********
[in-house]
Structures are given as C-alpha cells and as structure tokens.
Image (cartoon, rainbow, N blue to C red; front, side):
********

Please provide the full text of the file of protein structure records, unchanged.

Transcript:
[in-house]
Structures are given as C-alpha cells and as structure tokens.
Image (cartoon, rainbow, N blue to C red; front, side):